No one ever tells you not to fuck the monkey. Fuck with the monkey. Get fucked by the monkey. The monkey is filled with a selfish wrath, a vengeful will, a self-loathing so encompassing it eats at the fabric of others. And the preaching and questionable advice. The late nights and empty rooms. Bent over some bar, your face in a warm puddle of bile and ochre elixirs, the monkey with one paw on your head, the other angrily massaging your ego, your history. There was a moment there, not too long ago, long enough for affection, but close enough for regret, when the monkey was absent. But then came February. Bitter, twisted, poor-self-esteem-ridden February, with its aborted 28-day life and that Hallmark holiday tossed into the middle for good measure. Like memory and monkeys, I’ve never trusted February, never will.
I’ve lost before. I’m good at it. Kids dream of gold medals and first place. I fantasized about fourth place, and certificates of participation. And at the time, the time without the monkey, I was happy in fourth, even had kind afternoons when third felt possible. But then Dad died. Dad had once told me that love lasts about 10 minutes, and if you’re lucky you’re not wearing pants for the second five. There’s something humbling in my memories of my father. Memories riddled in prophecy. And January got shorter, and shorter. And my right upper back started to miss its inhabitant. And before I could find community-centre basements, cold coffee and familiar strangers, I found what I knew, my past. I turned to the monkey.
I got my 30-pound monkey when I was about 16. I’d like to say that I ordered him from an ad in the back of a comic book, because I’m old enough to remember when you could order exotic items like 30-pound monkeys from ads in the backs of comic books. Part of a simpler life. At least then I could blame Marvel or DC instead of myself. I wonder if you can still order stuff from the backs of comic books. I don’t read them anymore, of course, so I wouldn’t know. I still wonder though. But him? I got the 30-pound monkey from a scratch-and-win ticket in a case of 50. Stubbies. Because I’m old enough to remember stubbies. First prize was a hot tub. Second prize was a 30pound monkey. Third prize was a Hyundai Sonata. I wonder if the other winners have had as many problems with their prizes. I wonder if they still have them. The hot tub I can see, the Hyundai not so much.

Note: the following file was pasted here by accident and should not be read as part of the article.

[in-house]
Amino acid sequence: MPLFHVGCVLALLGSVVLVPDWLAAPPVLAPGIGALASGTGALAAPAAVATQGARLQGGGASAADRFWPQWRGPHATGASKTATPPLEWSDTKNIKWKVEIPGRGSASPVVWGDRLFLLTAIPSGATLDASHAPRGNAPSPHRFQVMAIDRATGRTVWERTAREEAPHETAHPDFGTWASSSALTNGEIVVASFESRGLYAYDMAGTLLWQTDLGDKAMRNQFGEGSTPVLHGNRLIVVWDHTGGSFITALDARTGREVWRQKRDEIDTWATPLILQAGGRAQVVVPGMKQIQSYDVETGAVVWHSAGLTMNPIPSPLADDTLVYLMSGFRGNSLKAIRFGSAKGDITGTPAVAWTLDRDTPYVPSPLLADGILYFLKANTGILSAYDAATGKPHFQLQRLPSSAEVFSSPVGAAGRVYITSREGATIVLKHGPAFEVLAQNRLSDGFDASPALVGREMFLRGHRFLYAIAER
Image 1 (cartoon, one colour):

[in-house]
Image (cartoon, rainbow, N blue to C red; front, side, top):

When I was younger, I would just play with my 30-pound monkey on weekends. My friends seemed to like me more with the 30-pound monkey around. Even the hot girls, the untouchables, suddenly began to pay some attention. I give the 30pound monkey all the credit for my first blow job. Jill Henley. After that I began to take my 30-pound monkey everywhere. Made me wonder about how he had filled his time without me. Maybe swimming lessons, because all of a sudden one day he could backstroke like nobody’s business. But I think he just waited for me, patience being a virtue of the monkey. Friends said I looked better with the monkey around, better groomed. I explained that I had to be clean-shaven around my 30-pound monkey; a full beard reminded him of a difficult past, of his father. He didn’t like to talk about it. Man, did he get me laid during university, that 30-pound monkey did. For four years I was the charming, suave, confident, mysterious guy with the 30-pound monkey on his back. I was all the things I’m not, all the shit I’ll never be. The girls loved it. He never seemed to want anything in return. He was selfless, seemed to live for my wants and needs alone.
And then we were supposed to part ways and journey into adulthood and careers and promise. The weeks were filled with cubicle nightmares and simian dreams. Everybody disappeared into their lives, faded into the background, tucked in their shirts, cut their hair and said goodbye. I guess we grew up. Or they grew up. Me and my 30-pound monkey had no such intentions. We resisted the temptations of cellphone leashes and bleeding ulcers, talk of divorce and golf. This was a new world, where a man and his 30-pound monkey were no longer kings, but rather unwanted fools. How does it happen? How does it change? You try to be a fucking adult with a 30pound monkey whispering, We don’t need these people; we don’t need anyone, in your goddamn ear all night. You end up alone, that’s what fucking happens, at some bar at the end of the night arguing the merits of Darwinism in an empty room. There’s nothing sadder than an old man and his 30-pound monkey slurring their way through evolution at the end of the bar. It’s how we end up here.